A few weeks ago I finished the Leland Ryken’s biography of JI Packer, JI Packer, An Evangelical Life. I was especially intrigued and inspired by chapter nineteen, where Ryken focuses on Packer’s writing career, which resulted in hundreds of books, thousands of articles, and quite a few forewords and contributions to other volumes. What motivated this Anglican pastor to be so prolific?
Of course, Packer acknowledged that he loved putting words on paper. I recently interviewed Alister McGrath for an upcoming podcast and he told me the same thing: he loves to write. For Packer, this was a joy. This doesn’t mean it wasn’t hard work, but it was hard work that he enjoyed doing.
But there is something else in Ryken’s observations about JI Packer that has stuck with me since I closed the book. I was surprised to read that one of the most important theological voices for the church in the 20th century didn’t really have a master life plan to become a bestselling author. When asked, Packer said he wrote a lot “because they asked me to.” (I’m paraphrasing). I just love this. Packer saw his writing as a ministry to the people of God.
I came away really inspired by this. There will only ever be one JI Packer, but we can all apply his humble approach to his gifts to the work we do. I’m often asked why or how I write so much and honestly I’ve never had a good answer. But quite simply I’ve started just saying, “This is what I do. This is how I serve the church.”
Anyone with a byline on a book or a column would be lying if we say that we don’t want to see our work reach a wide audience. None of us would resist the bestseller list. This isn’t necessarily bad. If I work hard on something that forms a book, it must mean I think it’s a message people need to hear. And yet, if I chase this kind of success in a kind of obsessive, single-minded way, I can easily lose sight of the real reason Christian writers should write: because they ask us to.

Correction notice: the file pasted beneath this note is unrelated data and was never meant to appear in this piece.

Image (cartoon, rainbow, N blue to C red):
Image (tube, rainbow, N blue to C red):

I think about my brother-in-law who is a very skilled contractor. He loves what he does, building and rebuilding things. But he sees his gifts as a way of helping others. So he too does work “because they ask him to.” It’s really no different. I can’t fix a door jam or install a ceiling fan or remodel a bathroom, but I can write and speak in ways that might help someone grow in their faith.
When we string words together and form sentences and string sentences together and form paragraphs which then form articles or book chapters, we really don’t know how God will use what we’ve done. And not all of our work is good and lasting and beneficial. But if someone asks us to write on something in our area of expertise and we can use what we write to edify the body of Christ, we should do it. Writing is how we serve.
So, this is why I write articles and books and Bible studies and everything else. There are other motivates, obviously, like earning extra income to help my family and the sheer joy of creating new things. But overall, I want to seeing my work as a way of using my very limited set of gifts to serve Christ’s church. This not only helps me persist when I’m weary, but also helps keep my expectations for success realistic. This sense of calling can keep me from discouragement when sales numbers are low and keeps me grounded when they are high.